Ond nid dyna’r diwedd i Trevor Vaughan ac eraill.

Involvement in the General Strike in a town like Aberdare was an emotional experience and it would be difficult to assess the influence it had on my personality. It brought me into close contact and intimate relationship with outstanding Independent Labour Party stalwarts who had suffered severe victimisation throughout the lives. Men of high integrity and intellectual quality. Everything in life that matters seemed to be at stake during that nine days. During my 45 years on the railway it was the only occasion when I knew what it was to be “out of work.” Along with thousands of my fellow workers in my home town I was facing reality something akin to the comradeship of the trenches in Flanders during the First World War.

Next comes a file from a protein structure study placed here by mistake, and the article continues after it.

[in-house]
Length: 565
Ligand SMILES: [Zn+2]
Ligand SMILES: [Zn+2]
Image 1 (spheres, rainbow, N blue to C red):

Roedd y streic wedi methu, ac i bwysleisio’r pwynt, gweithredodd y Llywodraeth ddeddfwriaeth i wahardd streiciau sympathetig. Cafodd y gweithwyr eu cau allan drwy gydol yr haf a’r hydref cyn iddynt orfod ildio a dychwelyd i’r gwaith, lle’r oedd gwaith ar gael, neu weithio ar delerau ac amodau gwaeth. Fel y nododd Trevor Vaughan:

It is difficult to believe that such a demonstration of solidarity among the working class – supported by the whole community as far as Aberdare was concerned – should suffer utter collapse.

Fodd bynnag, gwnaeth digwyddiadau Mai 1926 argraff fawr ar lawer o ddynion a menywod ym mhob cwr o’r wlad. Roedd gweithredu uniongyrchol wedi methu ond roedd ffyrdd eraill o herio’r drefn ac ymladd dros amodau gwaith gwell. Ym 1932 enwebwyd Trevor Vaughan yn ymgeisydd Llafur dros Gyngor Dosbarth Trefol Aberdâr, ac enillodd y sedd ar ei ail ymgais y flwyddyn wedyn. Bu’n ymwneud â’r llywodraeth leol am amser hir, gan wasanaethu fel Maer Casnewydd ym 1963, a chafodd CBE ym 1967. Gan edrych yn ôl ar y digwyddiadau ym 1926, daeth i’r casgliad canlynol:

There is no doubt that my involvement in the General Strike 1926 had a profound influence on the direction I was to travel in the years to come and the causes to which I would give the major portion of my life and energies.

Tony Peters, Gwirfoddolydd Archifau Morgannwg